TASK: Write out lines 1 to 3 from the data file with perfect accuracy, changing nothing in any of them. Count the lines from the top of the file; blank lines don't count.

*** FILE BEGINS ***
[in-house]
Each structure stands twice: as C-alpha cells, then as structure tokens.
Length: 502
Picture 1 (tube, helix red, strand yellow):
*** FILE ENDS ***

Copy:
[in-house]
Each structure stands twice: as C-alpha cells, then as structure tokens.
Length: 502